Tracey Thorn’s Bedsit Disco Queen (Subtitled: How I Grew up and Tried to be a Pop Star) is as much an analysis of the fickle and ever changing face of pop music from the 1970s onwards, as it is the author’s own honest, and often moving account, of her life first as a founding member of a vaguely successful but hugely influential all girl indie band, and then, with her partner Ben Watt, one half of the band Everything But the Girl.
Although the pair had met some months before on the London music scene – both by this time were already enjoying minor success and critical acclaim – the couple got together musically and romantically in their first year at Hull University where, completely coincidentally, both were reading English literature. Thorn was then nineteen and a child of the punk era (though in the brilliant opening chapter she wonders whether her claim to have been such a thing was a fabrication for interviews with the music press), Watt a year older and the child of a rather bohemian jazz loving family. That Thorn finished her course with a first and, during a hiatus when Everything But the Girl lost its way – the victim of a music scene that liked to pigeonhole – completed a Masters degree at London’s Birkbeck College, is testimony to a talented woman with a flair for the written word, whether in the poetic and often haunting lyrics she wrote for the Marine Girls and later for Everything But the Girl, or these highly entertaining and well structured memoirs.
The style is chatty and engaging, self deprecating at times and often very funny. Fortunately Thorn still has some volumes of her teenage diaries, excerpts of which make for some wry observations about the later musical influences she would cite during the sometimes confrontational encounters with music journalists. If the seventies influenced Thorn musically, the eighties were to be responsible for her growing politicisation, especially her strong feminist stance. Becoming a young adult myself in the 1980s, I identified with Thorn’s account of how this happened quite naturally: interestingly, Thorn makes the point that while TV shows that recap the eighties focus on the yuppie attitude and a money-grabbing attitude, this ignores the simple truth that during this period the personal – the musical – was most definitely political, epitomised by the miners’ strike and a ‘Meat is Murder’ ethos.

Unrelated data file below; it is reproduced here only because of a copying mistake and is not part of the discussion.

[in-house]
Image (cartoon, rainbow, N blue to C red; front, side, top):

As well as excerpts from her own diaries, there are words from the diaries of music business friends, song lyrics and clippings from interviews and reviews illuminating Thorn’s own memories. I have to confess to always being a fan of the sound rather than the sentiment of Everything But the Girl, but seeing how those lyrics fit in with what was going on in the lives of Thorn and Watt at the time gives this volume an unexpectedly candid dimension.
Thorn’s response when Watt tells her they’ve been asked, in 1997, to open for U2 (“Actually babe, d’you know what? I think I want to stop now.”) encapsulates her attitude to being a pop star, a career she acknowledges with some candour she was never really suited to. There are pop star moments and a recognition that she has over the years been part of a world that many can only dream of, but Thorn’s self awareness and reluctance to be totally consumed by the pop star lifestyle make her account all the more fascinating. She appreciates the benefits but is incredibly open about the pressures that come from the commercial side of the music industry, without ever giving an impression of biting the hand that feeds.
A correspondence with Morrissey, having Lenny Kravitz’s dreadlocks attached to her dress and, performing a duet with Jeff Buckley at their first Glastonbury (which did not come until Thorn’s collaboration with Massive Attack) are some of the musical highlights of Bedsit Disco Queen but my favourite is the image of Watt and Thorn waiting in a Hull telephone box for a call from Paul Weller. What is especially endearing is the way that Thorn looks back the self-confessed spikiness which typified her attitude toward being interviewed and finally opens up. One of the most compelling parts of this book is the section that deals with Watt’s sudden descent into ill health and Thorn’s fear that it might be too late for her to say how she really felt about him: the couple had often played with journalists, refusing to deny or confirm their romantic status, preferring to leave them hanging on in much the same way as the White Stripes’s Meg and Jack White. So too her desire to have children and her subsequent retreat from the music business makes for an insight that was never previously possible.
There’s something incredibly ‘English’ about Bedsit Disco Queen: witty, self deprecating and entirely without artifice. There’s none of the drug fuelled parties (though one teenage experiment with amphetamines turns Thorn off the idea of drugs for life) and crazy hotel wrecking that accompanies most rock memoirs but there’s plenty of drama and some really fascinating insight while one delicious reference to some unfeasibly high Christian Louboutin shoes shows that Tracey Thorn has enjoyed it all a lot more than her public persona might have suggested.
Bedsit Disco Queen (How I Grew up and Tried to be a Pop Star)
by Tracey Thorn
Published by Virago, March 2013
With thanks to the publisher for the review copy provided.
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